Another common theme was worrying about the future. We talked about parents being concerned about what happens when they are gone and who is going to take care of their child. There is a need for parents who want to ensure processes and systems are in place to ensure their child is cared for. Parents were also very concerned about what they can do to cope with everything that is going on and learning how to cope.

What Can I Do?

Here is what you have been waiting for. We know all of this about the psychological and physical health symptoms and manifestations. We know about grief and how that may show up in our target population in the parents. So now what? One really effective, very small strategy that you can do is simply ask open-ended questions. How is that parent doing?

Have referrals been made to counseling or depression services? Have referrals been made to medical providers for the parents’ own needs? Is there an early intervention program in the school system to help increase the odds of success for that child?

Have you modified lesson plans to ensure that the child is able to participate in your programming? That is a huge one. It is important to modify our lesson plans to reflect on paper how we are accommodating every single child in our classroom and show that we have an inclusive classroom environment. How are you doing that?

When parents talk to you about their experiences, are you uncomfortable? Do you clam up or change the subject hurriedly? Did you research the child's diagnosis to see how you could help? These are ways that we can be more proactive in serving and helping these families.

Faux Pas

Here is a common Faux Pas I have been privy to. A parent tells you of a child's diagnosis and your statement that follows is, I am so sorry to hear that. Unfortunately, this is a go-to statement for many. Do not be the person that says this, please. Saying I am sorry to someone after hearing about a child's diagnosis signals a lot of negative things.

When you say I am sorry after hearing about the child's diagnosis it signals that the child is a failure. When I think back to things that I have apologized for they are normally things where I have goofed, made an error or mistake, and need to apologize. When you apologize for the child's diagnosis, you are assuming the parent should now be disappointed and upset. It is an awkward statement to say because there are so many other statements to say, and we will talk about some of those statements. You are implying pity or judgment by saying I am sorry. Oh, I am so sorry, he has Down syndrome. I am sorry that he has Williams Syndrome. I am so sorry she has hydrocephalus. There are more productive and meaningful things that we can say aside from I am sorry. It implies that the child’s state is not desirable and many other negative connotations.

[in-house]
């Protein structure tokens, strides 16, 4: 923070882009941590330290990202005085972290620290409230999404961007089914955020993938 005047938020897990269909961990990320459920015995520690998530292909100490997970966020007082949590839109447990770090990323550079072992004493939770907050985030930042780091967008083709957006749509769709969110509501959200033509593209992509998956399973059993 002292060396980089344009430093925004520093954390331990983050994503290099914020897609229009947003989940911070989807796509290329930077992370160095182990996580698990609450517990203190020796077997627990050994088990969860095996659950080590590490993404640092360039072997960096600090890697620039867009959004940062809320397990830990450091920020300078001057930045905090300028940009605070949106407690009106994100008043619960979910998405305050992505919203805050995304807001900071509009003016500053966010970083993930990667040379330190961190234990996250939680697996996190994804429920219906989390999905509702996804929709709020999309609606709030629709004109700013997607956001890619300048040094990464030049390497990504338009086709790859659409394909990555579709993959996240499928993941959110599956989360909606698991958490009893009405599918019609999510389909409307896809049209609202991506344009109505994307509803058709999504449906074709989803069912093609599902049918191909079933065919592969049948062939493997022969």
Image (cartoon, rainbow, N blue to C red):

Active Listening

Active listening is something that you can do right now that is really effective. You can practice this the next time you are talking with a parent, no matter the subject. You may be wondering what active listening looks like. Here are some things to remember when using active listening.

  1. Approach the discussion with a goal to learn something
  2. Focus closely on the speaker
  3. Stop talking
  4. Listen for specific details
  5. Ask open-ended questions (But don’t interrupt!)
  6. Listen to obtain a total meaning of the dialogue (Much can be said without speaking a word.)
  7. Pay close attention to how you respond

When you are actively listening, approach the discussion with a goal to learn something. For example, you are going to talk to Mrs. Williams. You know that you want to learn about XYZ. But when you are doing that, you need to make sure that you are focusing closely on the speaker. Do not think about your grocery list and what is on sale at Target. Now it is time to focus closely on that speaker.

Stop talking. Just stop talking for a second and do not interrupt. Simply listen to what that parent is saying and absorb what they are saying. Listen for specific details. Ask open-ended questions. Remember, do not interrupt even though you might feel tempted to. Right now, you are just listening. You want to obtain a total meaning of the dialogue. A lot can be said without speaking a word. Also, pay close attention to how you respond.